Researchers transplant regenerated oesophagus (retracted article)
[ On 21 March 2017 Nature Communications retracted the paper “Experimental orthotopic transplantation of a tissue-engineered oesophagus in rats” by Sjöqvist S, et al , due to concerns regarding the integrity of the study]
Tissue engineering has been used to construct natural oesophagi, which in combination with bone marrow stem cells have been safely and effectively transplanted in rats. The study, published in Nature Communications , shows that the transplanted organs remain patent and display regeneration of nerves, muscles, epithelial cells and blood vessels.
The new method has been developed by researchers at Karolinska Institutet in Sweden, within an international collaboration lead by Professor Paolo Macchiarini. The technique to grow human tissues and organs, so called tissue engineering, has been employed so far to produce urinary bladder, trachea and blood vessels, which have also been used clinically. However, despite several attempts, it has been proven difficult to grow tissue to replace a damaged oesophagus.
In this new study, the researchers created the bioengineered organs by using oesophagi from rats and removing all the cells. With the cells gone, a scaffold remains in which the structure as well as mechanical and chemical properties of the organ are preserved. The produced scaffolds were then reseeded with cells from the bone marrow. The adhering cells have low immunogenicity which minimizes the risk of immune reaction and graft rejection and also eliminates the need for immunosuppressive drugs. The cells adhered to the biological scaffold and started to show organ-specific characteristics within three weeks.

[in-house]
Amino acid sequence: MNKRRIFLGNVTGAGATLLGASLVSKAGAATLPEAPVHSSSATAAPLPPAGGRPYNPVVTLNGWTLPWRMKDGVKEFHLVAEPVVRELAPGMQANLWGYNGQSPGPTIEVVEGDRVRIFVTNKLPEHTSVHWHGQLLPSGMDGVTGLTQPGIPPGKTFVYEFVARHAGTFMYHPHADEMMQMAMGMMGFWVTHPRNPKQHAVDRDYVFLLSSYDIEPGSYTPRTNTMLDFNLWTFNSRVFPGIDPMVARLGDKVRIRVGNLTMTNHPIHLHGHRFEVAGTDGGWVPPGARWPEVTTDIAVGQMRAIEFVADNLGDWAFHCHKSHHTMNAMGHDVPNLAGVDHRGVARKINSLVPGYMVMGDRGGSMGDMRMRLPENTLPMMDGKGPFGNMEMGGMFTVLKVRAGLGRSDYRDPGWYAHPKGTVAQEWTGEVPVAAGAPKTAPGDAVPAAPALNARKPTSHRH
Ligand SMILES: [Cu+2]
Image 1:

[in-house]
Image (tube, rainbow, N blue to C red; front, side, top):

The cultured tissues were used to replace segments of the oesophagus in rats. All rats survived and after two weeks the researchers found indications of the major components in the regenerated graft: epithelium, muscle cells, blood vessels and nerves.
“We believe that these very promising findings represent major advances towards the clinical translation of tissue engineered esophagi”, says Paolo Macchiarini, Director of Advanced center for translational regenerative medicine (ACTREM) at Karolinska Institutet.
Tissue engineered organs could improve survival and quality of life for the hundreds of thousands of patients yearly diagnosed with oesophageal disorders such as cancer, congenital anomalies or trauma. Today the patients’ own intestine or stomach is used for esophageal replacements, but satisfactory function rarely achieved. Cultured tissue might eliminate this current need and likely improve surgery-related mortality, morbidity and functional outcome.
The current study was conducted in collaboration with the Texas Heart Institute in the U.S., as well as universities in Italy, Russia, and Germany. It was supported financially by, among others, the Swedish Research Council, the Stockholm County Council through the ALF agreement, and the European Union’s Seventh Framework Programme. The equipment used in the study was developed by the company Harvard Apparatus Regenerative Technology.
Publication: ‘Experimental orthotopic transplantation of a tissue-engineered oesophagus in rats’ , Sebastian Sjöqvist, Philipp Jungebluth, Mei Ling Lim, Johannes C. Haag, Ylva Gustafsson, Greg Lemon, Silvia Baiguera, Miguel Angel Burguillos, Costantino Del Gaudio, Alexander Sotnichenko, Karolina Kublickiene, Henrik Ullman, Heike Kielstein, Peter Damberg, Alessandra Bianco, Rainer Heuchel, Ying Zhao, Domenico Ribatti, Cristián Ibarra, Bertrand Joseph, Doris A. Taylor & Paolo Macchiarini, Nature Communications , online 15 April 2014, doi:10.1038/ncomms4562.
For further information, please contact:
Professor Paolo Macchiarini, MD, PhD
Advanced Center for Translational Regenerative Medicine (ACTREM)
Department of Clinical Science Intervention and Technology (CLINTEC), Karolinska Institutet
Telephone: +46 760503213
Karolinska Institutet is one of the world’s leading medical universities. It accounts for over 40 per cent of the medical academic research conducted in Sweden and offers the country’s broadest range of education in medicine and health sciences. Since 1901 the Nobel Assembly at Karolinska Institutet has selected the Nobel laureates in Physiology or Medicine.